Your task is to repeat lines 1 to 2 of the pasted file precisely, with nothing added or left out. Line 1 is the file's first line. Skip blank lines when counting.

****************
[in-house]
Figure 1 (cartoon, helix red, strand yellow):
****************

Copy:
[in-house]
Figure 1 (cartoon, helix red, strand yellow):